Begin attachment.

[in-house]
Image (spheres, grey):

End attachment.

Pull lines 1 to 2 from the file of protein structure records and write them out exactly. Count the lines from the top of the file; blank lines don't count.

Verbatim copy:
[in-house]
Image (spheres, grey):